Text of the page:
A Superman for the 21st Century

A Superman for the 21st Century

In 2011, DC Comics made the surprising and controversial decision to reboot their entire line of comics, erasing years of continuity and starting fresh. In promotional images for the reboot, all their main characters had new costumes designs that reflected this new era. No longer were DC’s heroes clad in spandex. The red trunks Superman famously wore for decades were gone. His costume (and the costumes of his peers) more resembled battle-ready armor. But unlike the rest of the Justice League, Superman was featured in a second promotional image with a completely different and even more surprising outfit—a t-shirt and jeans.

Art by Rags Morales

Promotional image for the DC Comics relaunch. Art by Rags Morales.



While the ongoing Superman series featured the character in the present day, Action Comics (written by Grant Morrison with art by Rags Morales) jumped back five years to show Superman’s earliest exploits in this new continuity. Initially Morrison was only going to write the first six issues of the series, telling the story of how Superman went from his Midwestern farmboy look to the Kryptonian armor he’d wear in present day. As Morrison stated in an interview with the London Metro, “With what we’re doing he’s wearing jeans and a T-shirt—a Bruce Springsteen version of Superman, that’s the angle we’re taking. The cape’s still indestructible but the rest is picked up in a shop.” That cape, Morrison revealed in the series, was in fact the blanket Superman was wrapped in as a baby before his parents rocketed to Earth, adding more to the home-spun quality of this incarnation.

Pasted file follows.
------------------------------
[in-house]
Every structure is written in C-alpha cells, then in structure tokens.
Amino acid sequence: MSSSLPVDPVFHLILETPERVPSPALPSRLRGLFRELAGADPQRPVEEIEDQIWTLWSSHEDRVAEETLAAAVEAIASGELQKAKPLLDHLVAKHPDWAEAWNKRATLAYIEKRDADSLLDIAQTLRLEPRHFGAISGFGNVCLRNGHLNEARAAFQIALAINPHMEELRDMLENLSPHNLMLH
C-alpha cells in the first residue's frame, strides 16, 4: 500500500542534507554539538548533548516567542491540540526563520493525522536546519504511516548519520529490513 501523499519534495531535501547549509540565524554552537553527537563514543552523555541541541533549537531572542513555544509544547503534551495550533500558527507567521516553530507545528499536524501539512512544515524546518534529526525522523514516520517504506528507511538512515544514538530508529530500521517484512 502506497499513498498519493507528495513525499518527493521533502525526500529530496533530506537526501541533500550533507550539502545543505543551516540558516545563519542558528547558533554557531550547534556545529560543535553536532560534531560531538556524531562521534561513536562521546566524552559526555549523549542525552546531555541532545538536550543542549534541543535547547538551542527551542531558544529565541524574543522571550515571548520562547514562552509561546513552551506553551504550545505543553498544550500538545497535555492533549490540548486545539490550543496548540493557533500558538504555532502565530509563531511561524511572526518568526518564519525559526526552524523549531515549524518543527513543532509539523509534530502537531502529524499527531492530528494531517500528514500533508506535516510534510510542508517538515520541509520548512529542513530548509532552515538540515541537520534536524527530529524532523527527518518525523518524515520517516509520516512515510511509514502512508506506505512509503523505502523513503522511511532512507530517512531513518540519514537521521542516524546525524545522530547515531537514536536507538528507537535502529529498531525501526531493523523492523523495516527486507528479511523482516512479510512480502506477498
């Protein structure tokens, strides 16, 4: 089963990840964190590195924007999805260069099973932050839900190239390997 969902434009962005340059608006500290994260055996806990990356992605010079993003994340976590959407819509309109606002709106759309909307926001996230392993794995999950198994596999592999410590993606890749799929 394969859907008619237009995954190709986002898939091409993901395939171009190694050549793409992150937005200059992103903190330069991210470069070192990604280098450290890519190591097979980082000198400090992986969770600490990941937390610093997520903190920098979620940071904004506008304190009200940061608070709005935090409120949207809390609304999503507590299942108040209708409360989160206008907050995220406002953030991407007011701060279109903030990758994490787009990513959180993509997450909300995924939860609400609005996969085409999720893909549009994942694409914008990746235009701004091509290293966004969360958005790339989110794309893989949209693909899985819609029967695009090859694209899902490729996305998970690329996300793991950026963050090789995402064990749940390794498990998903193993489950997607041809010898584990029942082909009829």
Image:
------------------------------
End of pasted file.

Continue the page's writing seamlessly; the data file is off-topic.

Panels from Action Comics #1 by Jerry Siegel and Joe Shuster.

Panels from Action Comics #1 by Jerry Siegel and Joe Shuster.

In addition to this change in appearance, Morrison focused on contemporizing the character while also going back to his earliest incarnation. The Superman who debuted in 1938 was not the all-powerful god-like character he later became. He could leap tall buildings, but couldn’t yet fly. He was tough, but not entirely invulnerable. He was more a social crusader than a superhero, fighting corrupt politicians, evil landlords, and abusive husbands. Morrison smartly knew this entry point was as relevant now as it was then and used it to launch his take on Superman. We knew he would soon be fighting monsters and aliens, and with every leap, he’d get closer to flying, but the excitement came from watching him get there. He did, of course, and Morrison eventually brought Superman into the present as he extended his run from six to eighteen issues. Morrison’s later issues featured his usual brand of pop psychedelic sensibilities that earned him a multitude of both fans and detractors, but something about that initial “Bruce Springsteen version of Superman” left an impression. It resonated with both comic creators and readers, which is why it wasn’t a surprise to see DC Comics come back to it a couple of times.